Those were hardly the only games I saw at PAX, of course, but they’re the easiest to sum up and they were definitely favorites. I’ll probably have more complicated thoughts on the others at some future point – particularly Rock Band Blitz, once I’ve had a chance to play it outside of a demo environment. In the meantime, I definitely recommend checking out all of the above. They’re all pretty much winners.
TL;DR: I’VE GOTTEN SOME VERY GENEROUS DONATIONS, BUT I COULD STILL USE HELP! PLEASE CLICK HERE TO DONATE!
I have some good news, some great news, and some complicated news. The good news is that I got some really generous donations last week from people like fellow Omeganauts Ross and Sophia, and friends and fans like Nate, Jeanne and Sarah, and I’m already over halfway to my original goal! The GREAT news is that I’m set to start a new job after PAX East – I’m not going to say where just yet, but I’m very excited. And the complicated news…well, the complicated news is that expenses have come up and are still coming up in relation to all this, and I could still use your help.
Since I’m going to be working regularly as of next month, I’ll need to get myself a monthly T pass rather than the weekly one. I could use some new shoes and I need to replace my watch strap, which is about to fall apart completely. That’s in addition to the various con expenses I’m still worrying about. So I’ve revised my target amount to $500, and yeah, I could still use some help.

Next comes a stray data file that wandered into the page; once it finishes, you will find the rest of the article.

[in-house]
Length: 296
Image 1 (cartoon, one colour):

Let me be clear: the initial deal still stands. It wouldn’t be fair to move the football when people have started kicking, so I’ll honor everything I said before. If I hit my original target of $400, I’ll tweet and blog live from the convention center. At higher goals, I’ll add video to the deal. And hell, I’ll tell you what: if I hit $1000 in the next week, I’ll drop all my inhibitions and cosplay every day of the con. During the Omegathon rounds themselves, I have to wear the Omeganaut t-shirt and all, of course, but I’ll make it work outside of Omegathon events. If you’d like to see me wandering around the convention as Jean Grey, Batgirl, and Wonder Woman, well, you know my price.